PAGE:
Why we need Holocaust Remembrance

Over the years, some Jews and non-Jews have questioned why we continue to have a preoccupation with the Holocaust half a century later.

The answer is simple — so that we and the rest of the world will never forget.

Unfortunately, forgetting is becoming easier, and so is the attempt to revise history.

That is why it is important to join with Jews worldwide in commemorating Yom HaShoah, Holocaust Remembrance Day, starting Monday at sundown.

In light of recent events, this year's commemoration has new significance.

For weeks, many in the Jewish world held their collective breath awaiting the outcome of the libel case filed by Holocaust denier David Irving against American Professor Deborah Lipstadt. Because the case was heard in British courts, where libel law is the reverse of that in the United States, it was incumbent on Lipstadt to prove that Irving was, in fact, a denier. She also had to prove that the Holocaust took place.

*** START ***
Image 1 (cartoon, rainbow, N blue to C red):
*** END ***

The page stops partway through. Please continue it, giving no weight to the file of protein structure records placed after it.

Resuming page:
Imagine that. Having to prove the Holocaust took place.

After endless weeks of courtroom battles, the judge finally ruled in favor of Lipstadt and declared that Irving is indeed an anti-Semitic Holocaust denier.

Irving may have lost the trial but he and his ilk won't go away. Even Lipstadt said immediately after the verdict that "the nightmare is not over. There is no end to the battle against racism, anti-Semitism and fascism."

Irving wasted no time in proving Lipstadt right. He told Britain's Sky TV, "I will still continue to write what I find to be true history. I can't be intimidated."

Undoubtedly, Irving is now a martyr to his fellow anti-Semitic, Holocaust deniers. They will contend that the Jewish cabal used its clout to defeat him.

To defeat the lies that he and others are churning out, we must keep reminding each other and the rest of the world about the Holocaust. Join with us Monday evening in remembering our 6 million Jewish martyrs so that their beloved memories will live on for many generations.